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Confidence crisis!!


Imagine23 8 241 United Kingdom
1 Nov 2006 10:22PM
Hello all,
I would really love to start a career in photography but I generally have a confidence crisis. Its hard to explain what I mean but I think it boils down to worrying that what I produce isn't as good as it could be/should be. I am fairly confident about the techical theory behind photography and the business side, but I worry loads about whether what I produce would be 'right' or good enough. Its almost like I think pro photographers are some kind of alien species and I can't imagine myself as one, does this make any sense?! Maybe its because I am relatively inexperienced. I'm doing a C&G course in an attempt to try and further my knowledge but to be honest I'm not finding it that informative so far. I just wondered if any of you who have gone pro felt the same and how you overcame it?
Thanks in advance
Lynn

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damian 11 140 Netherlands
1 Nov 2006 10:26PM
Great question - I too would love to hear if anyone overcame the fear factor!
Fishnet 10 5.0k 5 United Kingdom
1 Nov 2006 10:30PM
I feel like that about eerything that I do from photography to motherhood.

I got comissioned a couple of months ago by a big website, paid etc and I was literally sick with nerves, I kept think that I would not be good enough, it would all go wrong etc etc, but I got a lot of support from people on here that said if they didn't like what I'd already done they wouldn't have asked me.

I have done 2 shoots so far one with the editor present (VERY nerve wracking) and one without, which went really well.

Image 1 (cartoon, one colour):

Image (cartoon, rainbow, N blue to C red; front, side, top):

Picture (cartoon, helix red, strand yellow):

I think sometimes nerves can be a good thing, it keeps you on your toes and stops you becoming complacent or arrogant.
Westers 10 3.9k 1 Burkina Faso
1 Nov 2006 10:32PM

Quote:I can't imagine myself as one


If you can't see, or imagine yourself as one, then that's going to be a problem. Anyone who is successful in something will have imagined, thought, seen, call it what you like, themselves as being the thing they want to be.

They may not realise they do this, but studies have shown they do this. I guess it's self confidence, or belief in yourself. After all, if you don't believe in yourself then nobody else will.

How to overcome it? Learn how to believe in yourself. How you do this I can't answer.
Krakman 8 3.6k Scotland
1 Nov 2006 10:32PM
I think that this is a female thing. Women very often seem to lack self confidence even when they take great pictures, whereas men are always sure of themselves no matter what their photo skills.
Westers 10 3.9k 1 Burkina Faso
1 Nov 2006 10:35PM
Is it hell a woman only thing. Jaysus.
damian 11 140 Netherlands
1 Nov 2006 10:37PM
Hear, Hear Westers...
Imagine23 8 241 United Kingdom
1 Nov 2006 10:43PM
Thanks Anna, its nice to know that its not just me!

Westers, oviously I have thought about being a pro-photographer or I wouldn't even be asking the question. I think that perhaps you took what I said a little out of context. What I meant is that I find it quite a scary prospect to start out, this doesn't mean I am not determind to make it happen. I just wondered if any other pros had similar thoughts when they were first starting out, it would be reassuring if they did Smile
Kris_Dutson 12 8.2k 1 England
1 Nov 2006 10:43PM
Edited.

Damn too late - must be my lack of confidence...

Wink
strawman 11 22.0k 16 United Kingdom
1 Nov 2006 10:49PM
Lynn

Without having met you or knowing you it is hard to give the correct answer as it is a personal thing and the correct answer will vary person to person. But general answers are

1 Practice. If you have developed a routine for approaching things it in itself is comforting. It gives you something to do in the "oh god" moment. Plus to others it looks confident
2 Do a bit of research on assertiveness. Try reading Assertiveness at Work by Ken and Kate Back. It is under 10 from Amazon. Remember being assertive does not mean aggressive or pushy. Going through it may help you put your thoughts in order.